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Re: (TFT) Names
I think the worst I ever did for naming a character was when I told the DM I
was going to play a "serious gnome".
he asked, "What's his name?"
me: "Jedediah Bumblebutt."
me: "His mule is named Amaryllis and he spits tobacco to try and blind his
The character didn't live long for some strange reason. :)
----- Original Message -----
Sent: Sunday, January 25, 2009 12:33 PM
Subject: RE: (TFT) Names
> I find names in Role-Playing Games to be very interesting, especially when
the players and Game Master are doing something interesting (or at least
funny) with them. They can be commentary on what happens in the game or in
the game world. In the game worlds we ran, even from early on, the race and
nationality tended to have an effect on the character names. As we noticed
and got more interested in what people (and places) were called, we also
noticed and indulged in some humor about it.
> One country would lengthen one-word names based on social status,
generally repeating the last syllable, so in the tradition of one small
coastal nation, Dov the child became Dovov the young man, later Dovovov the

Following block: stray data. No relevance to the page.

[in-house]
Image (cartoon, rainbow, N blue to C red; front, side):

warrior, who might become Dovovovov the stately gentleman. That was done for
cultural interest but also to tease the players.
> We too had cases where names were risk factors for horrible violence, or
for character interpretation. Especially for minor non-player characters who
didn't have much else detailed about their personality other than the ring
of their name, although sometimes this could be deceiving. One player still
reminds me of the brilliance of having one of the minor hired help named
Brint Grint, join the party with sinister motives. Who would suspect danger
from someone with such a name?
> At one stage, a player became interested in Non-Player Character names and
started asking me (the game master) what everyone's name was, including
mundane incidental merchants. My mental random name generator began to break
down, so when I would try to generate a name on the spot, "Bob" would often
come out of my mouth. Eventually, it occurred:
> Player: "What's the wagon merchant's name?"
> Me: "Bob."
> Player: "No! His name is NOT Bob!"
> I think it's particularly funny for people because identity and names are
so closely linked. Imagine if you had to live life with a name that seems
strange, hilarious, farcical, or whatever. "Oh... I _AM_ Peeblebreen
Quorhoon!" Also, who people think they are really does shape their
personality, more than we literally think about - we embody who we think we
are, and I've never even thought about what it might mean to be a
Peeblebreen until just now when I invented the name.
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